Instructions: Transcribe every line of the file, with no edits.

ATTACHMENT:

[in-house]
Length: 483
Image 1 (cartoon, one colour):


[in-house]
Length: 483
Image 1 (cartoon, one colour):